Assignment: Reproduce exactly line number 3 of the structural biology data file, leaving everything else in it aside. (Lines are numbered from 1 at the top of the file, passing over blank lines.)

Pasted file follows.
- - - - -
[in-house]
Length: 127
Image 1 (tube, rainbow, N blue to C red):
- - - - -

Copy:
Image 1 (tube, rainbow, N blue to C red):